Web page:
There was a lot of information in this very short encounter. Alex is clearly drawn to Dana and wants to interact with her, yet in the bathroom she waits until Dana has noticed her. Perhaps Alex was hesitant because she knew Dana would be less than thrilled to see her (though that requires a self-awareness that I am unsure Alex has). Dana does not seem to be scared of Dom the way Alex is; in fact it seems Dana blames Alex for … something. Many things, maybe. Certainly, Dana sees Alex as the problem in whatever relationship it is that Alex and Dom have. But in classic Alex fashion she brushes off the brush-off without internalizing much. —Samantha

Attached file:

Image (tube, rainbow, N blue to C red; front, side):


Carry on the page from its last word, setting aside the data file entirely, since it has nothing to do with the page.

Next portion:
When Jack takes Alex to the party after dinner, we get more hints that he’s not a well or stable person. How did you respond to her continued pursuit of him to ensure she had a place to sleep that night?
Her time with Jack, and how it all played out in the end, hit me the hardest. He consistently tries to do everything right with Alex, despite his immaturity. Manipulation of a teenager in crises by someone barely into adulthood is truly awful and eliminated whatever shred of empathy I had for Alex. –Cheryl
It seemed more of the same for her. Seeing people for only what they could do to her — not caring about the collateral damage she may leave behind. The signs are very clear to anyone not solely focused on themselves — and she glazes over them to find shelter. Even later when she keeps telling herself she’ll leave and talking herself out of it and digging a bigger hole with this obviously unstable teen. —Caitlin